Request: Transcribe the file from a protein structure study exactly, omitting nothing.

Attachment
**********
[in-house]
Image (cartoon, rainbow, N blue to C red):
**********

[in-house]
Image (cartoon, rainbow, N blue to C red):